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Simply Fast


By Warren Brown
Washington Post Staff Writer
Sunday, August 3, 2003; Page G01

I once angered some of you by saying a car enthusiast is anyone who buys a car. After all, paying thousands of dollars for anything requires a certain amount of passion and commitment.




Still, I was wrong.

An ordinary car buyer would neither understand nor appreciate the 2004 Subaru Impreza WRX STi. A regular car person would not ring my doorbell in the middle of the afternoon and beg me to come out and "Rev the engine, please. Just once, can you rev the engine for us?"

Three teenage boys did that. I complied. They were thrilled. Some of you might nod and ask, "What else can you expect from teenagers?"

Well, I'm no teenager. I have gray hair and 55 years worth of joys and woes. But I absolutely love the WRX STi, love it with its ugly hood scoop and higher-than-heaven, view-obstructing rear spoiler. It has everything to do with speed, movement, balance. It is the exhilarating feeling of being at risk, yet remaining in control. Not everyone understands that. Most car enthusiasts do.

They are the people who know why Japan's Fuji Heavy Industries Ltd., maker of Subaru automobiles, built the WRX STi without a standard radio or CD player. They know why the car comes without floor mats and why there is little else in the car -- other than its blue Escaine fabric seats with black knit bolsters -- that can be considered luxurious or extra.

Fluff adds weight to a car whose sole purpose is to run as fast and corner as sharply as possible without straying from its intended path. The all-wheel-drive WRX STi does that.

The car is the product of Subaru Tehnica International (STi), the motor-sports development division of Fuji Heavy Industries. It is an expensive little ride at $31,000, especially considering that it lacks the standard goodies found in similarly priced automobiles. Car enthusiasts know why. They focus on engineering. They look beneath the hood.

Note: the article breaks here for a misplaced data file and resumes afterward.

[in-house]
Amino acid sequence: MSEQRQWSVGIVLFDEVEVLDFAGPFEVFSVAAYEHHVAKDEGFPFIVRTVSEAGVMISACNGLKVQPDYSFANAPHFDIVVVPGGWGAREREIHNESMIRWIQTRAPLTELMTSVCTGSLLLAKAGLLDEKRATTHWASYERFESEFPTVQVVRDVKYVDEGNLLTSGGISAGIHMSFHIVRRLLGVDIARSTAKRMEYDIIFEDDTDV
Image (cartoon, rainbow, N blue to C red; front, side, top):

There, they find the WRX STi's turbocharged, intercooled, 2.5-liter, double-overhead-cam, horizontally opposed, 300-horsepower, four-cylinder engine. Horizontally opposed? Think of two cylinder banks, each containing two cylinders. The cylinder banks are side-by-side, instead of being lined up four in a row (in-line) or shaped like a V.

That horizontal, or "boxer," cylinder configuration allows Subaru to concentrate the engine's mass in a smaller area. That helps to lower the WRX STi's center of gravity, which helps improve handling and steering.

The engine is turbocharged to force more air into its cylinders, thus creating a better and more combustive air-fuel mixture. But turbocharged engines run hot. Intercoolers help reduce that heat. The ugly scoop atop the WRX STi's hood channels air to the intercooler.

That highflying, dual-plane rear spoiler, an eyesore that compromises rear vision, manages air in a different way. It reduces lift -- the tendency of the front end of a car to lift during acceleration, or for the rear end to lift during braking.

It all comes down to this: the joy of seeking and finding abandoned roads or strips, or gaining entry to a legal track and letting the WRX STi rip! I did this and enjoyed every wonderfully senseless moment of doing it.

© 2003 The Washington Post Company
 

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Great article! I had a similar experience with my Type R. A couple dropped by while I was washing it, and asked me all manner of questions about it. Turned out that the girlfriend had wanted one of these for quite some time, and hadn't really got a close look at one before. The look I got when I said, "so you want to sit it in the driver's seat?" was priceless.

Sounds like the author knows his stuff with the STi. Although I'd hardly call the hood scoop 'ugly'. Guess he never owned a 60's-era musclecar...
 

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Yep, it was a good article. Even at 55, this guy sounded like a young kid at heart.

By the way, when I took my STI in for a reflash earlier this week, the week before they had sold an STI to a 62 year gentlemen who lived in the foothills of Northern California. He had tested other high performance cars but was swept off his feet with the STI. Basically, your never too old to enjoy a sporty car. :)
 
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